It is almost exactly one month to Election Day in Canada and the party leaders have been making all sorts of statements with a view to garnering sufficient votes to form the next government. Some of their statements, however, have had constitutional implications. In today’s Globe & Mail, Professor Eric Adams of University of Alberta has presented a quick summary of the leaders’ misconceptions as to who gets to form a government in the event there is no one party with a majority in the House of Commons. His article, “Minority Governments: The constitutional rules of the game” outlines how Conservative leader Stephen Harper, NDP leader Tom Mulcair and Liberal leader Justin Trudeau all get it wrong when it comes time to articulating the rules for formation of government.
Professor Adams quite properly observes that these statements may be motivated, not by the desire to be accurate, but rather by the objective of securing some political gain. But he goes on to note that it is not the political leaders who get to make the rules. The constitution sets the rules and, insofar as who gets to decide who will get a crack at forming the government, it is the Governor General who holds that responsibility.
Even if these were not calculated positions of political gain, but genuine misunderstandings of our constitutional rules, party leaders are players – not referees – in the game.
By constitutional convention, the authority to govern is determined not by the number of seats a party wins, but by decisions of the Governor-General. His decisions are constitutionally constrained by the principles of responsible government and historic practice, which keep our system democratic, accountable and rooted to venerable parliamentary traditions, no matter what obfuscations or convenient positions politicians take during political battle.
Professor Adams goes on to note that, while the Governor General takes his advice from the prime minister, he is not bound to follow that advice and will seek advice (and has sought advice) from independent constitutional scholars and advisors on the questions that are before him. He observes that our current Governor General, David Johnston, is well equipped having been a law professor and dean of law:
Mr. Johnston may face similar constitutional choices over the next several months. He is well equipped to handle them. As a former law professor and dean of law, he is intimately acquainted with the interpretation of legal texts and precedent.
Moreover, as have governors-general before him, he will have independent and impartial constitutional experts to consult as required. In reaching conclusions and making choices, he will be guided not by personal whim, political preferences or muddled politicking, but rather by a much lengthier and sturdier set of constitutional traditions and conventions that span the Commonwealth.
I commend Professor Adam’s article to you.
As well, not only have the political leaders been misleading the public as to the constitutional conventions that determine how governments are formed. but both Stephen Harper and Tom Mulcair have muddied the constitutional waters in other areas. Both have stated during this campaign that they are not going to make any more appointments to the Senate to deal with the growing 20+ vacancies. Again, these declarations are patently unconstitutional. The Prime Minister does not appoint senators. The Governor General does. Of course, by constitutional convention, the Governor General has appointed senators on the Prime Minister’s advice but the express terms of the Constitution Act, 1867 make it clear that, at the end of the day, it is the Governor General’s responsibility and obligation to fill vacant Senate seats. Section 24 makes it quite clear that the Governor General is to summons qualified people to the Senate:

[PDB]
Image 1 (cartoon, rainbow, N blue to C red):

24. The Governor General shall from Time to Time, in the Queen’s Name, by Instrument under the Great Seal of Canada, summon qualified Persons to the Senate; and, subject to the Provisions of this Act, every Person so summoned shall become and be a Member of the Senate and a Senator.
If that was not clear enough, the drafters of the 1867 Act then went on to cover off the question of Senate vacancies in section 32:
32. When a Vacancy happens in the Senate by Resignation, Death, or otherwise, the Governor General shall by Summons to a fit and qualified Person fill the Vacancy.
The Supreme Court of Canada has only so recently pronounced in Quebec (Attorney General) v. Canada (Attorney General), 2015 SCC 14 at para. 18:
The primacy of our written Constitution remains one of the fundamental tenets of our constitutional framework…
If the prime minister of the day fails to provide the advice needed by the Governor General to fill Senate vacancies, then at some point, the Governor General must fulfill his constitutional obligations as expressly spelled out by our written Constitution. Can one foresee the Governor General either dismissing such a prime minister who is refusing to provide the advice in accordance with constitutional convention or maybe even having to act unilaterally to fill Senate vacancies? Since there is a good possibility that it may be either Stephen Harper or Tom Mulcair as Canada’s prime minister after the October 19th election, there is a good possibility that, on the Senate vacancy issue alone, Governor General David Johnston may have a growing constitutional crisis to which he will have to respond.
Professor Adams ended his article by suggesting that Governor General Johnston would respond to those concerned by our political leaders’ respective constitutional misunderstandings and misstated gaffes by saying: “Don’t worry, the Constitution endures.” I agree: Professor Adams is correct. And what’s more is that we may well get to observe the Governor General acting in his constitutional role more often and in more different ways than we have ever seen before.